Silver Spring, MD, August 7, 2013 – CMT (Country Music Television) supports an innovative approach to school redesign, The Academies of Nashville, as a business partner to McGavock High School, says Lucia Folk, Senior Director of Public Affairs for CMT. The Academies model incorporates one of the key principles of Career Technical Education (CTE)—employer engagement—into academic subjects as well.
In a new post on the Friends of CTE Blog Series, Folk discusses how The Academies of Nashville is engaging the business community to help drive change in the Metropolitan Nashville Public Schools. According to Folk, “The Academies model provides a way for business partners to work alongside those on the frontlines educating our youth—our teachers and our school administrators—to make systemic change in our public schools.”
Folk views The Academies of Nashville model as especially powerful because it requires connectivity between what is taught in CTE classes to the curriculum in the academic subjects. All disciplines conduct common planning, and business partners reinforce the planning process at each stage.
After only three years of working with McGavock’s CMT Academy of Digital Design & Communication, CMT’s partnership is yielding positive results. Folk explained that they have seen considerable increases in their graduation rate, ACT scores, and the number of students who attend from outside of their zone.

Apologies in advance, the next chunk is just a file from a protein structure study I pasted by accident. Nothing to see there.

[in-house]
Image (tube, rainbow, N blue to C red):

Folk said, “The real magic of the Academies structure is that it is community-building at its core. McGavock is our school and we share the challenges and successes with our teachers, administrators, fellow business partners, and most importantly, our students.” The Friends of CTE Blog is a monthly guest blog piece hosted by the National Association of State Directors of Career Technical Education Consortium (NASDCTEc). The blog provides advocates – from business and industry to researchers and organizations – an opportunity to articulate their support for CTE. Guest bloggers provide their perspective on and experience with CTE as it relates to policy, the economy and education.
The National Association of State Directors of Career Technical Education (NASDCTEc) was established in 1920 to represent the state and territory heads of secondary, postsecondary and adult career technical education (CTE) across the nation. NASDCTEc, through leadership, advocacy and partnerships, aims to support an innovative CTE system that prepares individuals to succeed in education and their careers, and poises the United States to flourish in a global, dynamic economy.